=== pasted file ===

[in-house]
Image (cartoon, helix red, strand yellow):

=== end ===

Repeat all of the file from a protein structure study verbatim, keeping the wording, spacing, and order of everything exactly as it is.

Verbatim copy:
[in-house]
Image (cartoon, helix red, strand yellow):